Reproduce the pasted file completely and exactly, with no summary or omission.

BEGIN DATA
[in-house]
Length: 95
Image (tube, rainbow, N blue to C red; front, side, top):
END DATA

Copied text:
[in-house]
Length: 95
Image (tube, rainbow, N blue to C red; front, side, top):